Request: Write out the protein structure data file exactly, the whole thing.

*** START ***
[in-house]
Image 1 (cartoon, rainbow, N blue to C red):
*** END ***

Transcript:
[in-house]
Image 1 (cartoon, rainbow, N blue to C red):